In grammar, a noun phrase, nominal phrase, or nominal group (abbreviated NP) is a phrase based on a noun, pronoun, or other noun-like word (nominal) optionally accompanied by modifiers such as adjectives.
Noun phrases normally consist of a head noun, which is optionally modified ("premodified" if the modifier appears before the noun; "postmodified" if the modifier follows the noun). Possible modifiers include:
- determiners: articles (the, a), demonstratives (this, that), numerals (two, five, etc.), possessives (my, their, etc.), and quantifiers (some, many, etc.). In English, determiners are usually placed before the noun;
- adjectives (the red ball); or
- complements, in the form of a prepositional phrase (such as: the student of physics), or a That-clause (the claim that the earth is round);
- modifiers; pre-modifiers if before the noun and usually either as nouns (the university student) or adjectives (the beautiful lady), or post-modifiers if after the noun. A postmodifier may be either a prepositional phrase (the man with long hair) or a relative clause (the house where I live). The difference between modifiers and complements is that complements complete the meaning of the noun; complements are necessary, whereas modifiers are optional because they add information about the noun.
Noun phrases can make use of an apposition structure. This means that the elements in the noun phrase are not in a head-modifier relationship, but in a relation of equality. An example of this is I, Caesar, declare ..., where "Caesar" and "I" do not modify each other.
The head of a noun phrase can be implied, as in "The Bold and the Beautiful" or Robin Hood's "rob from the rich and give to the poor"; an implied noun phrase is most commonly used as a generic plural referring to human beings. Another example of noun phrase with implied head is I choose the cheaper of the two.
That noun phrases can be headed by elements other than nouns—for instance, pronouns (They came) or determiners (I'll take these)—has given rise to the postulation of a determiner phrase instead of a noun phrase. The English language is stricter than some other languages with regard to possible noun phrase heads. German, for instance, allows adjectives as heads of noun phrases, as in Gib mir die Alten for Give me the olds (i.e. old ones). The Scandinavian languages can do the same, as in Swedish: Ge mig de gamla for Give me the old (ones).
In addition to pronouns and demonstratives, numerals and adjectives may function as the head of the noun phrase, and take modifiers as a noun would. For example, The Secret Seven, something wild, the first few, we three, all this, only you, just mine.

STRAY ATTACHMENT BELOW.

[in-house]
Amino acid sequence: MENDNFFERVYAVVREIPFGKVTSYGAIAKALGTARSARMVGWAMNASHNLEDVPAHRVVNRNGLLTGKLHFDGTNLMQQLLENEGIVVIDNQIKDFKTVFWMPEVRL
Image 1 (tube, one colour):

In English, for some purposes, noun phrases can be treated as single grammatical units. This is most noticeable in the syntax of the English genitive case. In a phrase such as The king of Sparta's wife, the possessive clitic "-'s" is not added to the king who actually has the wife, but instead to Sparta, as the end of the whole phrase. The clitic modifies the entire phrase the king of Sparta.
Noun phrases are prototypically used for acts of reference as in "The blonde girl shouts" or "She kissed the man". Also possible, but found less often, is the use of noun phrases for predication, as in "Suzy is a blonde girl". Note that in English the use of the copula is indicates the use of a noun phrase as predicate, but other languages may not require the use of the copula. Finally, noun phrases are used for identifications like "The murderer was the butler", where no ascription is taking place. The possibility for a noun phrase to play the role of subject and predicate leads to the constructions of syllogisms.
- English noun phrase
- Nominal group
- ^ The term nominal phrase is sometimes preferred because they are not restricted to nouns, but may be pronouns, numerals, or other noun-like words.
- ^ "Term: Noun Phrases". UsingEnglish.com. http://www.usingenglish.com/glossary/noun-phrase.html. Retrieved 2008-11-01.
- ^ Arnold Zwicky. "Starting out on the wrong foot". Language Log. http://languagelog.ldc.upenn.edu/nll/?p=785. Retrieved 2008-11-01.
- ^ George Morley, 2000. Syntax in functional grammar: San introduction to lexicogrammar in systemic linguistics, p54.
- Giorgi, A. & Longobardi, G. (1991) The syntax of noun phrases, Cambridge University Press, England.
- Moro, A. (1997) The raising of predicates. Predicative noun phrases and the theory of clause structure, Cambridge University Press, England.
- Huddleston, Rodney D., Pullum, Geoffrey K., et al. (2002). The Cambridge Grammar of the English Language, Cambridge University Press. ISBN 0-521-43146-8
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